Response to a Reader Concerned My Novels Include Some Disrespectful Uses of God’s Name

Note from Randy: This is a great and important response to a reader who sent us a question about my novels, concerned about some of the language I chose to include in character dialogue. I appreciate the answer that Stephanie Anderson, one of our EPM staff, gave in understanding and sympathizing with this reader’s concerns.

A reader wrote us:

I have read your books as a teenager, and they have benefitted me much. A few years ago, I rediscovered them (in audiobook-format). However, since then I have stopped reading some of your books. Some of your books contain parts that, in my opinion, are against the third commandment. Most of them are non-Christian characters, that use the Name of our God without good cause.

I was very surprised to see this and feel sad that I have to skip these books, that teach me so much about God. Therefore, I am curious why you made these choices. If I know why you did it, and you can convince me that it is not an idle use of God's Name, or if you acknowledge that it was wrong, my conscience is free to cut them out of my audiobooks, and once again enjoy the spiritual lessons that you give. Also, I hope that in future books, you won’t use God's name in this way.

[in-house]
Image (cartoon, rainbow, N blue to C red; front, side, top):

In the novel The Ishbane Conspiracy, it says the character Ian doesn’t want “to hear anything more about Slopainia, or whatever the heck that God-forsaken place was.”

I hope that you will be able to reply, and I wish you God’s blessing in all of your works.

Deadline, chapter 12:

Another tombstone caught his eye… Jake read it, his eyes suddenly large and his heart pounding. “Oh, my God,” he cried aloud. It said, “Jake Woods.”

Deadline, chapter 25:

Jake picked up the contraceptive tray with all the samples, holding it out as evidence toward Ms. Beal. “I suppose you’re offering these kids clean needles and teaching them how to take safe drug injections? After all, they’re going to do drugs anyway, so it’s your job to teach them how to do it safely. God knows their parents are too stupid to teach them how to do drugs the right way.”

Deadline chapter 27:

Jake sat in perplexed silence. After ten seconds he said in a shaky voice, “Clarence. All that about my daughter? It was all off the record, every word. …I’ve betrayed my daughter. My God, Clarence, she was suicidal about this thing. Now it’s all out in the Times. What am I going to do?”